Quantcast
Environmental News for a Healthier Planet and Life

Climate Crisis Could Destroy Most Vineyards

Climate
Workers selectively harvest slightly under-ripe Syrah grapes to make a Blanc de Noir wine for the Israeli winery Zaza on Aug. 6, 2019 in central Israel. Israeli vintners are harvesting their grapes earlier than they did a decade ago due to shorter winters and more intense summers. David Silverman / Getty Images

The climate crisis may be coming for your favorite wines.


A new study published in Proceedings of the National Academy of Sciences Monday found that two degrees Celsius of global warming—a temperature increase we are currently on track to burn past—would reduce the amount of vineyard land in wine growing regions by 56 percent, The Guardian reported. Four degrees of warming would raise the amount of wine-growing land lost to 85 percent.

"In some ways, wine is like the canary in the coal mine for climate change impacts on agriculture, because these grapes are so climate-sensitive," study coauthor Benjamin Cook from Columbia University's Lamont-Doherty Earth Observatory and the NASA Goddard Institute for Space Studies said in a press release.

The researchers looked at 11 different varieties of grape: cabernet sauvignon, chasselas, chardonnay, grenache, merlot, monastrell (also known as mourvedre), pinot noir, riesling, sauvignon blanc, syrah and ugni blanc. They then built models to determine when each grape would ripen with zero, two and four degrees of warming.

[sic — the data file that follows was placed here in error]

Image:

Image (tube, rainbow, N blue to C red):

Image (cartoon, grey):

For example, if the climate warms two degrees, the land currently suitable for ungi blac would shrink by 76 percent, the land for riesling would shrink 66 percent and the land for the red grenache grape would shrink 31 percent, according to The Guardian.

However, all hope for wine lovers in a warmer world is not lost. The researchers found that by changing which varieties were grown where in response to the rising temperatures, the loss of vineyard land could be significantly reduced, the press release explained. Swapping varieties could cut losses by more than half to 24 percent in a two-degree warmer world.

"But we need to be aware that the more warming there is, the less chances we have to adapt," lead study author Ignacio Morales-Castilla from Spain's University of Alcala told Reuters.

In a four-degree warmer world, the shuffling around of grapes could only reduce losses by about a third, to 58 percent, according to the press release.

One example of a possible swap would be to grow warmer-weather grapes like mourvedre and grenache in France's Burgundy region, instead of pinot noir, which could expand northwards into regions it does not currently grow, the press release explained.

However, such changes would come with challenges for wine growers, as Steven Penfield, a crop genetics professor at the John Innes Center who was not involved with the research, explained to The Guardian.